An Orca Wails

Click to read An Orca Wails, a conservation myth inspired by the endangered Southern Resident killer whales of the Pacific Northwest.

A note on conservation mythology

Conservation myths are not retellings of mythologies tied to a particular cultural group or history. Entirely of my own imaginings, I tell these stories with a heavy heart, and also a hope, that the natural world I am currently witness to does not always remain in peril. Conservation mythology is based on scientific research, highlighting the threats to survival facing different species. Unlike origin myths, these tales tread close to being extinction myths.

Much of An Orca Wails is inspired by the endangered Southern Resident orcas of the Pacific Northwest, a clan I have had the honor of being in company with in the wild. At the time of writing in March 2022, the population is at 74 members.

Scarcity of salmon is the biggest threat facing the Southern Resident killer whales, deepening the impact of other threats. Vessel noise makes it harder for orcas to find what little fish is available. When they don’t get enough to eat, they metabolize more of the toxins stored in their blubber from pollutants accumulated over time by consuming toxic prey, which then endangers their developmental, reproductive, and immune systems. Nearly 70% of Southern Resident orcas lose their calves before birth.

Here are what orca calls sound like. Different killer whale groups each have their own dialect, and a babbling calf selectively learns only the calls their mother makes. Some calls are shared across orca clans, some across pods, and some remain unique to a matriline, but acoustic similarity reflects shared ancestry more than it does social association, which is why neighboring pods of killer whales may share no calls with each other despite proximity. That fact, alongside research that suggests call types are indicative of whales’ emotional states rather than specific behaviors, is what propelled this particular myth. If a new call was heard across all orcas, defying genetic differentiation, then a universal danger was at play. Unlike human language, orca calls are not relaying units of information, but are more likely expressions of emotional states, in the case of the myth, a cry, a grief, a plea.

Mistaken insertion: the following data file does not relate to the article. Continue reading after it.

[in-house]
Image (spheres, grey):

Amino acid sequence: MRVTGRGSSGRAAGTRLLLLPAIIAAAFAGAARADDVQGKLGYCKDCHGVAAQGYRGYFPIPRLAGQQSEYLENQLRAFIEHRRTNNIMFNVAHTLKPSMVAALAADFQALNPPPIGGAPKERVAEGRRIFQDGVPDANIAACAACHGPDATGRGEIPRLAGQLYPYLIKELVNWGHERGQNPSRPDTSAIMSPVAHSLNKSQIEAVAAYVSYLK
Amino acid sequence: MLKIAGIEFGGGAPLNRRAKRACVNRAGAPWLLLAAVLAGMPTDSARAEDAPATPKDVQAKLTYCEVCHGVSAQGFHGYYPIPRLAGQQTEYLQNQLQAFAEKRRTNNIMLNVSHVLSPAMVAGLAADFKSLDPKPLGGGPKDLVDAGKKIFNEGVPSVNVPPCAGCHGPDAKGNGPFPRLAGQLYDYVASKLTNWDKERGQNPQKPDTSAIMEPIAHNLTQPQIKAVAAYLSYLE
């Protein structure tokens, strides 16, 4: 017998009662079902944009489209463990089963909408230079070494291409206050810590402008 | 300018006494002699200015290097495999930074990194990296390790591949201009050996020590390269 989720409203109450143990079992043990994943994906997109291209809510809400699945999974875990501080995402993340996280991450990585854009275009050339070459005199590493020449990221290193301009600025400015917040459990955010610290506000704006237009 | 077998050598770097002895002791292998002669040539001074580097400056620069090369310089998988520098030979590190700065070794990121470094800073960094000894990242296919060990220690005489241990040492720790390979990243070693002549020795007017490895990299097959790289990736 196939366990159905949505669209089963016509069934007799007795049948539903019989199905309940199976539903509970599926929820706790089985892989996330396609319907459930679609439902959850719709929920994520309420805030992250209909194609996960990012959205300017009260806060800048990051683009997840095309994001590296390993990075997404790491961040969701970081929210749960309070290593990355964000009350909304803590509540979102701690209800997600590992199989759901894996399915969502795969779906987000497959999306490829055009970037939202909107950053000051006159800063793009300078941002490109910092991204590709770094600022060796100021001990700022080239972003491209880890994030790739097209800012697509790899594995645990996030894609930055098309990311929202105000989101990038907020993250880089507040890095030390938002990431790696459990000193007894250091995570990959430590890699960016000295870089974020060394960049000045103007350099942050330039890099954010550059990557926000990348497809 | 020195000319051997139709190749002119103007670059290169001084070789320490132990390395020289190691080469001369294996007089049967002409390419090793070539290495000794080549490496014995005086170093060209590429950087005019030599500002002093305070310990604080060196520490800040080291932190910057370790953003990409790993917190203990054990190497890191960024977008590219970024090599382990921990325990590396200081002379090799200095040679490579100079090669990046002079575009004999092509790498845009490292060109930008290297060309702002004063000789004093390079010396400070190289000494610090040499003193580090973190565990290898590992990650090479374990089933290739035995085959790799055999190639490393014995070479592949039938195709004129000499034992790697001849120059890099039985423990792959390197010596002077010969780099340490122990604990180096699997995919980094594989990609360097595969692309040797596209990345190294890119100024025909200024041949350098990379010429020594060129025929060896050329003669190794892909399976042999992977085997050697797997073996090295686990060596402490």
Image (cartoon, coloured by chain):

I am indebted to the scientists and conservationists whose work inspired and informed this series, but more importantly, who do the hard work to understand how we can truly conserve creatures vital to an interdependent world. Taking action remains critical; here is how.

Leave a Reply

Fill in your details below or click an icon to log in: Logo

You are commenting using your account. Log Out /  Change )

Facebook photo

You are commenting using your Facebook account. Log Out /  Change )

Connecting to %s